Step 1: Initial Planning & Topic Selection
Crafting an appropriate task that addresses the higher-level thinking skills of Bloom's Taxonomy is probably one of the most critical aspects of an effective WebQuest. The task is the end result—what the student will produce as the culmination of the resources that you provide, and the process that you will guide your students through. It is more than merely restating some information, and goes beyond mere comprehension. Selecting a good task is essential to creating a good WebQuest.
The following steps will guide you through developing this important section of your WebQuest.
- Read the article FOCUS: Five Rules for Writing Great WebQuests. Note especially the points concerning tasking your learners (the “C” section). You will also explore the concepts concerning scaffolding later on.
- The key to an excellent WebQuest is a good high-level task. To decide on a topic, and then refine it to a task, review the following: Selecting a WebQuest Project. You will use your WebQuest Planning Sheet to address the points raised in the article.
To assist you in further refining your task, utilize the Webquest Taskonomy to provide guidance on the general types of tasks that make for good webquests. You may also want to examine the Webquest Design Patterns to get ideas for particular applications of various higher-level Bloom’s verbs. After review of these materials, enter your task on the Planning Sheet.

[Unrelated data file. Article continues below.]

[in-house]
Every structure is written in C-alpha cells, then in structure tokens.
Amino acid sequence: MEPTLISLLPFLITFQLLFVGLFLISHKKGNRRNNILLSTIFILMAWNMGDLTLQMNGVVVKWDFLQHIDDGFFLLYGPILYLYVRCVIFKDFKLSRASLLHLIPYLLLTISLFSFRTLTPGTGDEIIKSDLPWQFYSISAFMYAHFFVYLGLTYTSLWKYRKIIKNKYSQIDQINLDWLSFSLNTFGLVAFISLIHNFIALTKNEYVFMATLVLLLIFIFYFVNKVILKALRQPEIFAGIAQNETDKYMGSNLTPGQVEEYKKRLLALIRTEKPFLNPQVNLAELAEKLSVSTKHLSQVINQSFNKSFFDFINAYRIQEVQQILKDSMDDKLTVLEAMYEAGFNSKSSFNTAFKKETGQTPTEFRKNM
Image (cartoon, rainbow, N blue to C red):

Use this checklist Choosing a WebQuest Topic and Task to help you evaluate your topic/task.
Summarize/record your responses on your Webquest Planning Sheet as you work through the above material. Turn in your Planning Sheet for each group by the time indicated on the syllabus.
- Curriculum standards: verify that there are standards that address the topic; copy and paste these into the Planning Sheet;
- Creative discontent: as a pre-service teacher, you are going to be rather limited here, but you can reflect on your own educational experiences to pick topics that you feel could have been presented more effectively;
- Using the Web well: does your task go beyond just reading and regurgitating (see the Webquest Taskonomy below)?
- The Finding Resources page from the official WebQuest site lists several links to point you to quality content sites. The eThemes page from Missouri's eMints site, for example, is an excellent resource for topic ideas, and web-based resources to support them.
- Understanding: Does your task operate at the higher-level Bloom’s? Address this in the Planning Sheet.
Once your Webquest plan has been approved, review the Webquest Design Patterns (if you have not already) to see if there is a design template to help you structure the various sections of your Webquest. When we sign up for the QuestGarden accounts, these templates are already pre-loaded into the site. If none of these designs seem to fit your particular project, then you can use the generic template.
Adapted from EdTec course at the
SDSU Department of Educational Technology
Graphic from NECC 05 presentation
by Bernie Dodge